Thursday, January 3, 2013

Believe God

Youth Devotional

January 3: Believe God



Genesis 3:1–6 (NKJV) 1 Now the serpent was more cunning than any beast of the field which the Lord God had made. And he said to the woman, “Has God indeed said, ‘You shall not eat of every tree of the garden’?” 2 And the woman said to the serpent, “We may eat the fruit of the trees of the garden; 3 but of the fruit of the tree which is in the midst of the garden, God has said, ‘You shall not eat it, nor shall you touch it, lest you die.’ ” 4 Then the serpent said to the woman, “You will not surely die. 5 For God knows that in the day you eat of it your eyes will be opened, and you will be like God, knowing good and evil.” 6 So when the woman saw that the tree was good for food, that it was pleasant to the eyes, and a tree desirable to make one wise, she took of its fruit and ate. She also gave to her husband with her, and he ate.


In this passage of Scripture we learn that the first man and woman listened to the lie of Satan rather than the truth of God. Satan suggested that God had set up rules not to protect them from pain, but to keep them from pleasure. Eve convinced herself that there were some benefits in disobeying God. The food tasted good, the food looked good, and the food would help her gain knowledge that she did not have. All of that was true, but not completely true. Although sin can be pleasurable it is not completely pleasurable. The consequences of her decision would lead her to also receive the pain of the judgment of God for her sin, the pain of guilt for disobeying God, and the pain of the shame she would feel in not obeying God.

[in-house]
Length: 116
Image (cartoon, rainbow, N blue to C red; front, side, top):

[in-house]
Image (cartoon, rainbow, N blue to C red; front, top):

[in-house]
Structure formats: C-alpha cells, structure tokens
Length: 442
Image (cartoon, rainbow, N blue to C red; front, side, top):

You cannot disobey God and expect to receive the blessings of God. Sin leads to pain that is greater than the temporary pleasure it yields. When someone disobeys God they also like Eve influence others to disobey God making things worse for everyone. Sin has a way of multiplying. Satan never tells the whole truth. God always tells the whole truth and nothing but the truth.



1.      How did Satan convince Eve to disobey God?



2.      Why should you always believe God?

Wednesday, January 2, 2013

True Devotion

Youth Devotional

January 2: True Devotion



Acts 2:42 (NKJV) And they continued steadfastly in the apostles’ doctrine and fellowship, in the breaking of bread, and in prayers.


It is important to eat the right kinds of foods and drink plenty of fluids to stay physically healthy. You can eat “junk” food from time to time, but if you neglect a healthy diet including eating your fruits and vegetables your physical body will suffer.